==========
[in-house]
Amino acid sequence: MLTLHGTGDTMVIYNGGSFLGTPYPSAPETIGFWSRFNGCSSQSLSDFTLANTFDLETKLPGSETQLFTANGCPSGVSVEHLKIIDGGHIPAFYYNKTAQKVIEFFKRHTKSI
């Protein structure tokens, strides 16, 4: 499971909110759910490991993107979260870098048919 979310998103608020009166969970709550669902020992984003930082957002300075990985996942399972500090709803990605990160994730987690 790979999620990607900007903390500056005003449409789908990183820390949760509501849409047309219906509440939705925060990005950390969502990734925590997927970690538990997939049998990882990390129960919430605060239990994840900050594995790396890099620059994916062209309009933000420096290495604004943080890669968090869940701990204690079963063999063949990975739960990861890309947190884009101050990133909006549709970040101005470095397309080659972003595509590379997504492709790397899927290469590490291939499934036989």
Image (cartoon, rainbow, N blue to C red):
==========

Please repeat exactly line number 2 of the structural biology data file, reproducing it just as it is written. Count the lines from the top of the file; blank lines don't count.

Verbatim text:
Amino acid sequence: MLTLHGTGDTMVIYNGGSFLGTPYPSAPETIGFWSRFNGCSSQSLSDFTLANTFDLETKLPGSETQLFTANGCPSGVSVEHLKIIDGGHIPAFYYNKTAQKVIEFFKRHTKSI